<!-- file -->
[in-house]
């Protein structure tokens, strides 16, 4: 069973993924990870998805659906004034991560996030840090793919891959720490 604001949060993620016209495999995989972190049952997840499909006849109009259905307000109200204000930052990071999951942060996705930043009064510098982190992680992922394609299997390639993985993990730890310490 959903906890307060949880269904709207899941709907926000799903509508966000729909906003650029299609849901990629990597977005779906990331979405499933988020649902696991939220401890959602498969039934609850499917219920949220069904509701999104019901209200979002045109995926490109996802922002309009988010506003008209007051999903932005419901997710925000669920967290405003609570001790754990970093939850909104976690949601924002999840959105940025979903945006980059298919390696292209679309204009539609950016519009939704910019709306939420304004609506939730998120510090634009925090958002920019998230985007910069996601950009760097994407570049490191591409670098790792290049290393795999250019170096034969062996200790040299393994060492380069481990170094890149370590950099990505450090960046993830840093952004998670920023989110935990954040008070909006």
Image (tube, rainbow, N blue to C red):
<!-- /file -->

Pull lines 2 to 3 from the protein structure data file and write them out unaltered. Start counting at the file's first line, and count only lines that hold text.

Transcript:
């Protein structure tokens, strides 16, 4: 069973993924990870998805659906004034991560996030840090793919891959720490 604001949060993620016209495999995989972190049952997840499909006849109009259905307000109200204000930052990071999951942060996705930043009064510098982190992680992922394609299997390639993985993990730890310490 959903906890307060949880269904709207899941709907926000799903509508966000729909906003650029299609849901990629990597977005779906990331979405499933988020649902696991939220401890959602498969039934609850499917219920949220069904509701999104019901209200979002045109995926490109996802922002309009988010506003008209007051999903932005419901997710925000669920967290405003609570001790754990970093939850909104976690949601924002999840959105940025979903945006980059298919390696292209679309204009539609950016519009939704910019709306939420304004609506939730998120510090634009925090958002920019998230985007910069996601950009760097994407570049490191591409670098790792290049290393795999250019170096034969062996200790040299393994060492380069481990170094890149370590950099990505450090960046993830840093952004998670920023989110935990954040008070909006």
Image (tube, rainbow, N blue to C red):